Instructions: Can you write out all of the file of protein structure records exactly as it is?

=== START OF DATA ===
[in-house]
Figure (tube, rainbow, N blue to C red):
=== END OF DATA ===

[in-house]
Figure (tube, rainbow, N blue to C red):